Regardless of additional High 20 hits with Ooh To Be Ah and Hold On Now, and debut album White Feathers reaching No.5, success was nothing like Nick had imagined. The rationale was easy: Limahl and the remainder of the band simply couldn’t work collectively.
“Limahl grew to become untenable fairly shortly,” sighs Nick. “He was a tough character, and one of many first issues he wished to do was change the writing cut up. The remainder of us grew up collectively, and there was an settlement on equal dibs. Why not? We’re nonetheless buddies 40 years later, so it was proper. However Limahl wished all of it with me. He even mentioned to Steve: ‘You’re not a songwriter,’ regardless of Steve bringing lots of galvanising concepts.
“Limahl was simply so tough. Some horrible moments occurred. Kajagoogoo had been on the prime of our sport: hits, High 5 album, sold-out tour. For us to say: ‘We are able to’t do that’, you may think about how dangerous it was. It was hellish, and it diminished me to being somebody I didn’t recognise.”
At a disaster assembly, EMI understood the band’s woes. Limahl was out. Sal Solo and David Grant had been tentatively approached as alternative singers, earlier than Nick’s bandmates prompt he ought to return to being a singer.
“After Artwork Nouveau, I had large reservations,” he admits. “However the guys had been actually supportive. We went in a jazzier path, which I favored. Islands is a extra subtle album.
“I can’t hearken to White Feathers, due to each the music and its circumstances. The factor I’m most identified for is the factor I’m most sad about. That left me in a nomadic state, looking for a degree of kindred spirit and success.”
Beggs is blunt about why Kajagoogoo reformed in 2003. “VH1 wished us to do Bands Reunited,” he explains. “I’d purchased a brand new home and wanted to pay the stamp responsibility. I used to be completely mercenary about it.”
Nick additionally wished to attempt to construct bridges with each Limahl and drummer Jez, who had slowly sided with the singer.
After a number of false begins, the reunited band toured efficiently in 2008, ending once more in 2010, when Beggs was requested to play in former Genesis guitarist Steve Hackett’s band.
“Steve’s name was the proper strategy to finish Kajagoogoo,” Nick causes, including Limahl wasn’t a lot simpler second time round. “Limahl has two settings: darling and exasperating. I discovered from the reunion that, in the event you put the identical folks collectively, the identical issues will rear their head, irrespective of how a lot time has handed. We’d finished a tour, there’d been reissues and new materials. It wrapped issues up in a neat bow, so it was: ‘Nice. Bye!’”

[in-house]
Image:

Beggs launched two albums as The Mute Gods with Marco Minnemann and Roger King, and not too long ago launched Fragments with Steven Wilson bandmembers Adam Holzman and Craig Blundell as Trifecta.
“In the event you’re on the street with gifted folks for lengthy intervals, it’s silly to not take benefit,” smiles Nick. “You’re in such shut proximity, not writing with them can be a missed alternative.”
It’s a collegiate perspective partially formed by the dissolution of Nick’s post-Kajagoogoo band Ellis Beggs And Howard with singer Austin Howard and future Spice Women songwriter Simon Ellis. “The widespread denominator in each bands ending was me,” he admits. “I wanted to retrace my steps to see how I’d short-circuited them.”
Nick had been closely invested in Christianity. His father left house when he was 10 and his mom died when he was 13. Beggs displays: “Life had been a catastrophe, so how may I make sense of it? I discovered that reply in Christianity. But it surely was self-medication, merely a plaster. It wasn’t the reply.”
Re-evaluating his life, Nick noticed he’d turn out to be “a non secular bigot”, a hardline perspective that affected his relationships, not simply along with his bandmates. He has rejected faith since.
Beggs’ refreshed outlook has made him a fantastic adventurer, at house each as Belinda Carlisle’s musical director (“I used to be going by a divorce, and Belinda was so sort. She’s lovely”) and as a bassist for Steven Wilson, singer/guitarist with experimental area rockers Porcupine Tree.
Nick and Steven met a decade in the past, after a Steve Hackett present. “There’s a photograph backstage after Steve’s present,” says Nick. “There’s me, Hackett, Wilson, Fish and Mark King. Everybody who noticed it went: ‘Wow, they have to be doing a supergroup!’
“But it surely was the primary time I’d met Steven. Then, 10 days later, he referred to as to ask if I’d wish to play on his solo album. Steven is an expensive pal, a very good man.”
Having wrapped up Kajagoogoo of their neat bow over a decade in the past, Beggs not too long ago completed a tour with Howard Jones.
He’s taking part in on new albums by Steven Wilson and Ginger Wildheart, and made his personal album taking part in his beloved electrical bass-style Chapman Follow an orchestra. There are a lot extra eclectic occasions forward.
“There’s nonetheless a lot I need to do,” demurs Nick, who nonetheless sees Stuart and Steve – and, often, Jez. “I haven’t obtained near what I need to obtain.” Possibly not. However at the very least he’s again on the best path.